We May Have Unbundled The Music... But We've Smartly Bundled The Music Experience

from the doing-it-right dept

Ian Rogers, from Topspin, has an absolutely fantastic blog post on the question of "unbundling" and "rebundling," in the music business. What kicked it off was David Pakman's writeup about how unbundling the album into songs that can be purchased individually may have had the biggest impact on the record labels' bottom lines -- much bigger than unauthorized file sharing. It goes on to talk about the economic impacts of unbundling in a variety of industries. It's a good read.

Rogers picks up on this, and notes that plenty of people agree with this point, but they may be missing out on the fact that while this aspect of the music business may be in the midst of a massive "unbundling," other parts are seeing themselves bundled in highly profitable ways:
A new, more positive story is emerging. As artists get their arms around all their rights and build direct relationships with their fans we’re seeing artists’ output RE-BUNDLED into higher value packages and average revenue per transaction greater than those delivered by the Compact Disc. Instead of selling their art across a variety of channels (CD at Best Buy, digital download at iTunes, t-shirt at Hot Topic, ticket at Ticketmaster, and vinyl at Amoeba) artists are able to bundle their collective output into a single direct-to-consumer sale where they are the retailer (and pocket half the retailer margin, too). It’s true the CD was an incredibly efficient product with massive distribution (the move from “record stores” to big box retail in the 90s was a large contributor to the bubble you see in the above slide) with an average revenue per sale of greater than $10. It’s also true both piracy and individual track sales have unbundled the product and driven the average revenue per transaction for most artists to less than $3. But at Topspin we see people selling new bundles, different from the CD and as a result very high revenue per transaction:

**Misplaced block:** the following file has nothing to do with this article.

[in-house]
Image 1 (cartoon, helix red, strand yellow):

2011-04-12 Music Business Now - 2
We've seen this before. And, obviously, I've spoken about this for years now. There are all sorts of opportunities, and those opportunities often come in recognizing how to best bundle scarce and non-scarce goods. This is why I think it's important to recognize the differences between what Pakman is talking about and what Rogers is talking about. Pakman's discussion on unbundling is focused on taking apart artificial bundles that were put together due to the inefficiencies of the technology at the time. You put a bunch of songs together on an album so you could distribute (and sell... and promote) them all together in one shot.

What Rogers is talking about, however, is a more natural bundle. Rather than a bundle borne out of the inefficiencies of existing technology, the bundling he's talking about is bringing together natural bundles of products that fit together smartly in packages that give fans real options -- and which are done for the overall convenience of fans and buyers, not the convenience of retailers and middlemen. That's a key difference and we're going to see more and more of it in a variety of industries. The bundles that will disappear are the bundles that were done to help serve the middlemen, and what will replace them (much more profitably and economically efficiently) are bundles that help serve the end user/buyers.

In the case of music, what's happened is that the unbundling is of the album, which certainly many music fans enjoyed, but which was often seen as inconvenient for the fans who just liked a few songs. What the new bundles are about is not about bundling music per se, but bundling the full music experience, which is what the industry should have been selling all along...

Filed Under: bundles, business models, experience, music, unbundling

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  1. icon
    PaulT (profile), 24 Apr 2011 @ 3:19am


    "but the average album has about 12 to 15 songs, and average cost of a CD was under 15 dollars, so industry is getting more money per song that it use to,"

    Yeah, 2 things there:

    First of all, iTunes and most other retailers aren't selling the albums at 99c per track. You have the option to buy individual tracks at that price, but album are usually cheaper as a bundle.

    Secondly - and this is where industry people are having problems - you don't *have* to buy the full 12-15 tracks. Back in the day, if you wanted 2 songs from the album you still had to buy the album (or overpriced singles). Now, you just buy the 2 songs you actually want and aren't forced to pay for the filler.

    " the user will likely still spend his remaining 11 dollars on 11 other songs he likes"

    But, he might not buy the tracks from the same label. Or he might get a pizza instead...

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